On November 26, 2008, this gothic giant of a station was a breached fortress. On the first anniversary of the terror attacks, the Chhatrapati Shivaji Terminus (CST) transformed into a temple.
Travellers, who kept coming in a steady stream through the day, took off their footwear just outside the entrance to the outstation section of the CST to pay floral tribute to those who died here. That ill-fated night, the terrorist duo Ajmal Amir Kasab and Ismail Khan entered the CST through this entrance, leading up to platform 13.
There, the two began firing indiscriminately, killing 57 people, the highest number at a single location. A year on, the corridor was lined with photographs recounting the stories of that night from various newspapers. Additionally, the Central Railway Mazdoor Sangh organised a blood donation drive at a tent put up near platforms 7 and 8.
Café Leopold remained abuzz with its usual mix of Indian and foreigner guests. However, a member of the staff said, “On other days, there are more people coming to the café. There are relatively few people today. Hopefully, more will come by evening. We only plan to observe two minutes of silence in memory of those who died here last year. Nothing else.”
At five minutes’ walk from the café, a group of 15 eighth standard girls from St. Anne’s School in Chira Bazaar gathered under a tree close to the Taj Mahal hotel.
They placed the photographs of martyrs Hemant Karkare, Ashok Kamte and Vijay Salaskar against the trunk of the tree and lit candles in homage.
One of the girls, Prachi Dave, said, “Our school gave us a half-day off today because of the anniversary of the terror attacks. We took permission from the principal and came here to pay our tribute.”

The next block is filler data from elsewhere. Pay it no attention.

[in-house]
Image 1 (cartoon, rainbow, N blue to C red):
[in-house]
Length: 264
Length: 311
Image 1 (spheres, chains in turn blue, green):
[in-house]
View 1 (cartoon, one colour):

As someone shook the trunk, the tree bloomed forth with thousands of pigeons that took flight. They flew in file over the Arabian Sea in one smooth, continuous glide and returned to land. However, this time they perched on the huge Taj dome that terrorists had lobbed a grenade at last year. To many, the sight symbolised the oneness of all beings of the city in remembering its dead.
At the Trident at the end of Marine Drive, candles inside a glass cubicle set up outside the hotel flickered in the wind coming from the sea, from where terrorists had entered Mumbai a year ago. As urchins enquired about what was going on, the staff of the hotel went about scratching off the remnants of extinguished candles and smoothening out the creases in the red carpet in a display of their professionalism.
High above, the glass windows of the hotel reflected the skyscraper-dotted sea that is so dear to Mumbai. In another context, the sight of the sea had inspired American author F. Scott Fitzgerald to pen the closing lines of his novel The Great Gatsby.
The lines resound with relevance now: “Most of the big shore places were closed now and there were hardly any lights except the shadowy, moving glow of a ferryboat across the Sound. And as the moon rose higher, the inessential houses began to melt away until gradually I became aware of the old island here that flowered once for Dutch sailors’ eyes — a fresh, green breast of the new world... Gatsby believed in the green light, the orgastic future that year by year recedes before us. It eluded us then, but that’s no matter — tomorrow we will run faster, stretch out our arms farther... And one fine morning — So we beat on, boats against the current, borne back ceaselessly into the past.”